The Arnolds made their new family home in the beautiful alpine town of Aix-les-Bains, where as yet no congregation of Jehovah’s Witnesses existed.
Adolphe’s great devotion to spreading hope about God’s coming Kingdom still burned within him, and he shared in helping many to build faith in Bible promises. When the Witnesses held large regional assemblies, the artist team of father and daughter painted huge murals as stage backdrops. Son-in-law Max, who had worked as a window dresser, provided the know-how, muscle, and enthusiasm to install these giant labours of love.
Max proved to be not only a son-in-law but a real son to Adolphe. During Bible discussions in people’s homes, he served as Adolphe’s ears, fielding questions and opening the way for Adolphe to share his faith. He regularly attended all congregational meetings in spite of his hearing loss. Simone sat next to him, writing notes and Bible citations for him to read. The family could only communicate with him through the written word.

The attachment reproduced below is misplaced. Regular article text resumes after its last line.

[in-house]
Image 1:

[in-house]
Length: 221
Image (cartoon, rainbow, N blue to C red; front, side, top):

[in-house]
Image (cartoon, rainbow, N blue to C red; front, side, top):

Sister-in-law Eugenie, who had spent scarce time and money to send food parcels to Adolphe and Emma in the camps, moved to Aix to be near her sister. In 1974, she became a widow again, and Adolphe once more invited her to eat with the family every day. The final Sunday of 1977, Adolphe went out for the last time, sharing his faith and worshiping with the congregation. Two days later at the age of 80, Adolphe collapsed as he sat reading a Bible magazine, leaving his beloved Emma deeply grieved. Only a few hours earlier; he had helped Simone with a difficult fabric design.
Adolphe’s peaceful departure brought an end to a familiar picture—Adolphe and Emma sitting side by side, sharing together in writing of their mutual love and spiritual devotion.